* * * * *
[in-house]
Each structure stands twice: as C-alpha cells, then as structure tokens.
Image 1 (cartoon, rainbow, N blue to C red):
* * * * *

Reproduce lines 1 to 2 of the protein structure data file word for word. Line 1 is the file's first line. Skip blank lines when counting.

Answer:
[in-house]
Each structure stands twice: as C-alpha cells, then as structure tokens.